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Sunday Schools Post by :kimaiga Category :Essays Author :Lemuel K. Washburn Date :November 2011 Read :3606

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Sunday Schools

Of all the stupid things we meet with, Sunday school lessons are the stupidest. There seems to be only one way to account for this, and that is that stupid persons are connected with Sunday schools and can comprehend only stupid things. It seems to us as though a bright boy or girl at the age of twelve years ought to be able to overthrow every argument employed in a Sunday school to bolster up the Christian superstition. The lessons taught in them are adapted to undeveloped brains, and the literature one gets from their libraries is of that variety that is calculated to discourage any robust independence of mind. We believe that any religious or theological instruction is a positive injury to the young; that it is utterly wrong to instill into the immature mind ideas of God, of a future life, of heaven and hell, of angels and devils. All that we know about God is what we don’t know. The same may be said of other branches of religion. How much better it would be to teach something useful, something of importance, something real, true! Parents owe it to their children to save them from being taught the false and foolish dogmas of Christianity. False education is the bane of humanity, and the falsehood that is learned in Sunday schools poisons and deforms the life of man as long as he lives. Fear of God—the most terrible spectre that ever haunted the human soul—is a product of the Sunday school. The victims of this fear can be counted to-day by millions. This one fact ought to be sufficient to condemn this nursery of superstition and evil. There is no earthly reason to fear God, and other reasons should have no weight. The black shadow of fear which darkens the whole earth is the result of faith in God. The catechisms used in the Sunday schools are mostly filled with pious trash. The questions and answers they contain are written out of ignorance, written, too, in most cases, for the purpose of making the intellect the slave of the priest and minister. There is no mystery so shallow as a theological mystery, because it is founded on deception. The only mysteries that the human mind can contemplate with real wonder are the sublime mysteries of Nature, the mysteries of life and death, of sand and star, of flower and feeling. Before these great, overwhelming mysteries, that everywhere surround us, the petty ideas of Gods and devils, of saviors and mediators, of heaven and hell, are trivial and cheap. We condemn Sunday schools, because they do not teach what is real, what is true, what is necessary to a noble human life on earth; because they inculcate superstitions, and elevate the belief of religious dogmas above scientific and useful knowledge; because they put God above man, heaven hereafter above the home here, and the performance of religious duties above the life of honesty, purity and love. Sunday schools are the poorest schools on the face of the earth, and there is only one excuse for their existence, and that is to perpetuate the church, to keep alive the superstitions upon which it was built and upon which the clergy depend for a living.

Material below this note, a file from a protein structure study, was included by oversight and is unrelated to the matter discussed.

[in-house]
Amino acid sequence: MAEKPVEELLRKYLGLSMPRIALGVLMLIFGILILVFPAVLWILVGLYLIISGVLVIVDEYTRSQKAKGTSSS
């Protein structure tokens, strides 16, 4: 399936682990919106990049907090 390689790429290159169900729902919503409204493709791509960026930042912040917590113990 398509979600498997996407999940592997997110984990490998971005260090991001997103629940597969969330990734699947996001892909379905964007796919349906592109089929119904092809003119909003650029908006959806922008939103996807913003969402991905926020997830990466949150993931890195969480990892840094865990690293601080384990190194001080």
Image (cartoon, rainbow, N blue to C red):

Our duty to the god of christianity is to bury him.


Nothing from nothing and nothing remains, Nothing from nothing and nothing is the same.


If the factory pays taxes and the church does not, it follows that the church will some day own the factory.


When christian ministers stand up in their pulpits and say “Let us pray,” if they would sometimes vary the invitation and say: Let us laugh, they would do their congregations more good.

(The end)
Lemuel K. Washburn's essay: Sunday Schools

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Going To Church Going To Church

Going To Church
Every little while some minister wakes up to the fact that a large proportion of the people of our cities do not go to church, and he blames the people for this state of affairs. Nobody blames men and women if they keep away from the theatre, from the library, from the art gallery, from the public park; in fact, it is generally admitted that people can exercise their own judgment in visiting these places and not be liable to censure on the part of anybody. Not so, however, when they keep away from the church. Why does a man go

Indifference To Religion Indifference To Religion

Indifference To Religion
The pulpit complains that people are indifferent to religion. Why shouldn’t they be? It is about time they were indifferent to it. Our wonder is, that the people tolerate a single priest or church on earth. Of what benefit is religion to mankind? Come now, ye that uphold religion, tell us what it does to make the world better, nobler, truer? Why should man worship God? Why should he build thousands of costly churches all over the earth, and pay priests and ministers large salaries to preach and pray in these churches? If the churches were the humblest buildings in the